Sugar Snow!

“In the morning the house was warm from the stove, but when Laura looked out of the window she saw that the ground was covered with soft, thick snow. All along the branches of the trees the snow was piled like feathers, and it lay in mounds along the top of the rail fence, and stood up in great, white balls on top of the gate-posts.
Pa came in, shaking the soft snow from his shoulders and stamping it from his boots.
“It’s a sugar snow,” he said.
Laura put her tongue quickly to a little bit of the white snow that lay in a fold of his sleeve. It was nothing but wet on her tongue, like any snow. She was glad that nobody had seen her taste it.
“Why is it a sugar snow, Pa?” she asked him, but he said he didn’t have time to explain now. He must hurry away, he was going to Grandpa’s.

After supper, Pa took them on his knees as he sat before the fire, and told them about his day at Grandpa’s, and the sugar snow. . . .

“It’s called a sugar snow, because a snow this time of year means that men can make more sugar. You see, this little cold spell and the snow will hold back the leafing of the trees, and that makes the longer run of sap. When there’s a long run of sap, it means that Grandpa can make enough maple sugar to last all the year, for common every day. When he takes his furs to town, he will not need to trade for much store sugar. He will get only a little store sugar, to have on the table when company comes.”

“Grandpa must be glad there’s a sugar snow,” Laura said.

“Yes,” Pa said, “he’s very glad. He’s going to sugar off again next Monday, and he says we must all come.”
(From “Little House in the Big Woods” by Laura Ingalls Wilder)

Grandpa was glad and so are we! We woke up this morning to our very own sugar snow. We were expecting 1-2 inches, but ended up with 9 inches measured on the picnic table! Here are some pictures I took first thing this morning –

My patio garden – good thing we haven’t planted it yet! –

My giant Rosemary plant is under here somewhere –

We don’t have any maple trees, so we won’t be making sugar, but we are going to be making molasses candy with our snow today. Sarah has been wanting to do this all season, but we were always a step behind the snow or out of molasses, and it didn’t happen, but today it will!

Ma was busy all day long, cooking good things for Christmas. She baked salt-rising bread and rye’n’Injun bread, and Swedish crackers, and a huge pan of baked beans, with salt pork and molasses. She baked vinegar pies and dried-apple pies, and filled a big jar with cookies, and she let Laura and Mary lick the cake spoon.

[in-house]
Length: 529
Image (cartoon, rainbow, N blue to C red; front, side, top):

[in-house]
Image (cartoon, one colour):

One morning she boiled molasses and sugar together until they made a thick syrup, and Pa brought in two pans of clean, white snow from outdoors. Laura and Mary each had a pan, and Pa and Ma showed them how to pour the dark syrup in little streams on to the snow.
They made circles, and curlicues, and squiggledy things, and these hardened at once and were candy. Laura and Mary might eat one piece each, but the rest was saved for Christmas Day.”

(Also from “Little House in the Big Woods” by Laura Ingalls Wilder)

Church has been cancelled this morning, and the children are slowly waking up. They will certainly be wanting to head outside soon, so I will say good-bye for now!

Be back again soon ~

Blessings,
Nancy

Quilting Books

Cindy asked me to recommend a good quilt book for learning to quilt. There are two books that I have been referring to as I make my way along this journey of learning to quilt. One is this book ~

This book has been good about taking my hand and talking to me as a beginner. It gives instructions for both hand and machine piecing, quilting, and all of the rest that goes along with the craft ~

I have also lately really been enjoying referring to this book ~

It is also good at teaching the basics, but in a question/answer format. So, when I don’t understand something or have a question about something, I can go right to the question and find my answer. I have cleared up many questions using this book. It’s a convenient size to keep in my quilting basket for whenever I need to refer to it, which has been alot lately since I am moving into new territory working on borders and soon into the quilting portion of my quilt.

Another great source for learning to quilt is a local quilt shop. They are popping up all over the place and they offer classes at every level and are always willing to answer questions that you may have. They also usually have a book section where you can find how-to quilt books as well as books full of patterns. I am sure you can probably find lots of information online, as well.

I have tended to get overwhelmed with the learning process as I felt like there was so much to learn, but I’ve found that just by taking it one step at a time, it has really not been difficult, and I learn more all the time. Just be patient and enjoy it – that’s the point of it anyway!

Lynn asked what a Be-Attitudes quilt was, so I am posting a picture of mine in progress. This quilt was designed by Nancy Halvorsen, as were the fabrics used in it. This is the quilt after sewing the blocks together, but minus the four borders that I am working on right now ~

I’ll post more pictures when I finish the top.

Blessings,
Nancy

An Apple a Day

Last week our study in My Father’s World with Anna and Michael (and David, of course) was on apples. We read some good books, and made some simple, fun crafts. Here is a sampling of the things that we did ~